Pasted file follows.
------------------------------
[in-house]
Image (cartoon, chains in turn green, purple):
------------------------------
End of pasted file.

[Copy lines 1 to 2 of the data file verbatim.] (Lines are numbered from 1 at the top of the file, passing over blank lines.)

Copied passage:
[in-house]
Image (cartoon, chains in turn green, purple):